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Old June 29, 2000, 02:56 PM   #1
Larry C
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Does anyone know if the MkII Rugers can be dryfired or is dryfiring NOT recommended by the factory?
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Old June 29, 2000, 03:09 PM   #2
TexasRusty
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I have a 22/45 and I dry fire it quite a bit. It says in the manual to not dry fire it without the firing pin stop pin (or whatever it is they call it). I read this as, it is Ok to dry fire it as long as that pin is in place. The pin cannot be removed except when the gun is field stripped. And then it can only be removed by pounding it out.

I have dry fired mine at several thousand times with no ill effect.
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Old June 29, 2000, 03:14 PM   #3
Ledbetter
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What Texas Rusty said. It's called a firing pin stop, and it stops the firing pin from damaging the chamber. It's the semi-circular thingie through which the firing pin passes perpendicularly; it sits in a slot at the top of the bolt on the end nearest the chamber.
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Old June 29, 2000, 04:57 PM   #4
Calif Hunter
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Does anyone know if the original Ruger .22 auto had the firing pin stop?
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Old June 29, 2000, 06:37 PM   #5
johnwill
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All the MK-II pistols have a firing pin stop, and can be safely dry-fired. I don't know if the earlier ones have the stop, if not, they may be damaged by dry-firing.
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Old June 29, 2000, 08:25 PM   #6
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I have had a Ruger Mk-2 pistol since 1989. The only trouble I have had with it was when [1] I used a STAINLESS STEEL cleaning brush.It took the rifling right out of the barrel. [2] I have lost 2 ejectors in eleven years.

You notice I have not mentioned "dry-firing". The OLDER guns would not let you dry-fire them. That has changed. I dry-fire mine to clear it, every time I finish shooting it. No problem with broken firing pins.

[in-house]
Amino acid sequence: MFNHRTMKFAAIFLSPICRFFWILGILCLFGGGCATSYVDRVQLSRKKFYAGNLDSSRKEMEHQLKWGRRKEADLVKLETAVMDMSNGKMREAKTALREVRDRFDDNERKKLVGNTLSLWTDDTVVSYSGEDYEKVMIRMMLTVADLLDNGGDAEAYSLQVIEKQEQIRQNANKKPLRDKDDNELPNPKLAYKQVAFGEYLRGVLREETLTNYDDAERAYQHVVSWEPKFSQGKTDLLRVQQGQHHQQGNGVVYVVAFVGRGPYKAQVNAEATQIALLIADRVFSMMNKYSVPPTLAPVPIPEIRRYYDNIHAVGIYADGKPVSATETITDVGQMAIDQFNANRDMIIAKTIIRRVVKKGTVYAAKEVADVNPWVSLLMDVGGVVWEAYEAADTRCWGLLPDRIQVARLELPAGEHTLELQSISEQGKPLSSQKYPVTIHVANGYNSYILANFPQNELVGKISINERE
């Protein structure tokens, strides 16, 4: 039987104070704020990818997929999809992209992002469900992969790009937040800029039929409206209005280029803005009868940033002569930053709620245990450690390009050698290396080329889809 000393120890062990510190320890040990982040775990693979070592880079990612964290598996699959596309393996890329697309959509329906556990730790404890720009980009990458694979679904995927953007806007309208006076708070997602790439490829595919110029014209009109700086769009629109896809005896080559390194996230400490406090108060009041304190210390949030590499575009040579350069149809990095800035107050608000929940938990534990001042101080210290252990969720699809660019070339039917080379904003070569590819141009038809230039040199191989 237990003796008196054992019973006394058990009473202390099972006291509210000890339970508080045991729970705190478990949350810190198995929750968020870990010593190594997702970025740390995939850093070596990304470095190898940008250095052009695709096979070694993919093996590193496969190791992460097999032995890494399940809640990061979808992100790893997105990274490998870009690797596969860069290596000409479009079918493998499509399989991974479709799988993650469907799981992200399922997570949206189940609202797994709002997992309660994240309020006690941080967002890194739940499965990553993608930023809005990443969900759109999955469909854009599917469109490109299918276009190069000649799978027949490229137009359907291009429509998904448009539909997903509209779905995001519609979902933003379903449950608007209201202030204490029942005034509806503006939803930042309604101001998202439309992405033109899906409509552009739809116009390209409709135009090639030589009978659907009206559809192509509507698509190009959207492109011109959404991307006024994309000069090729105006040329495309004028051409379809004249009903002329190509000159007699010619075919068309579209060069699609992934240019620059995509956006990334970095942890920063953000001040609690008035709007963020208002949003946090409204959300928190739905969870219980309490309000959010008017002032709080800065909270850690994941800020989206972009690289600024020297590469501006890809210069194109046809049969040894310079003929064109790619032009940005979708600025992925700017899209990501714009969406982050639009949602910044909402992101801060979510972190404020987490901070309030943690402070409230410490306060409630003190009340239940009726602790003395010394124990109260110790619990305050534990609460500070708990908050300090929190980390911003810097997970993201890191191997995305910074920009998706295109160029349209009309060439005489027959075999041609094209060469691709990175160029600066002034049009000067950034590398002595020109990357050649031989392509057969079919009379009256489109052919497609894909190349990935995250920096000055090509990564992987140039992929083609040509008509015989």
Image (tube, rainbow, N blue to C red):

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Old June 30, 2000, 05:52 PM   #7
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From what i understand the MK series were damaged by dry firing, while the newer 22/45 has the firing pin stop installed. At least thats what the aurmors say at the diffrent shops i buy from.


Tim
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Old June 30, 2000, 06:36 PM   #8
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I pull my bolt back a little when I dry fire. It keeps the firing pin from hitting. I never store a gun with the springs compressed.
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Old September 30, 2010, 06:57 PM   #9
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Fellow Ruger shooters be forewarned. I have a MK II SS slabside target with a trigger that is so sweet it begs to be dryfired, and have recently discovered that the entry into the chamber has been so damaged by dryfiring that a fresh round will nor chamber. A round inserted to the brass is so marked by the burr that it shaves lead on removal. As you can imagine, the burr is curled inward and makes an effective "barb". This was great shooter regularly turning in winning scores. I'm sick but wiser. I havn't learned many lessons for which I did not pay. I know this is an old thread, but if it helps someone else, so much the better.
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Old September 30, 2010, 07:38 PM   #10
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Speaking "rule of thumb" it is never ok to dry fire a rimfire firearm. The reason for this is the firing pin stikes a loaded case and crushes the rim of the soft brass case between the firing pin and the chamber rim of the barrel. If no case is in the chamber when it fired then the firing pin strikes the hard steel chamber. This can result in a few problems. Either the firing pin can break as it is smaller and lighter in construction. The firing pin can also be peened flat and thus not has as much crushing effect on the loaded cartridge as it has been shortened by repeated hammering against a hard surface instead of a soft brass "buffer". The chamber mouth of the barrel or cylinder of a revolver can be hit often enough to either peen a burr into the chamber and thus making difficult extraction or loading, also it again will lenghten the firing pin travel and again resulting in misfires. The last thing that can happen is the eventuall peening of the cylinder mouth or the outright breaking of the chamber mouth. I have a Colt Woodsman that was dry fired so much that it has a chip broken from the chamber mouth thus rendering the firearm usless. While gunsmithing I had a customer bring in a Smith & Wesson 22 revolver that had been dry fired so often that it peened a piece of the cylinder mouth into each chamber thus making it impossible to be loaded. All that being said apparently a few companies have addressed this problem like Ruger has of late.